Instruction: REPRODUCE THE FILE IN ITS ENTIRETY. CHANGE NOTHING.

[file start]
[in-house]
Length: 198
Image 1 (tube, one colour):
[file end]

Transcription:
[in-house]
Length: 198
Image 1 (tube, one colour):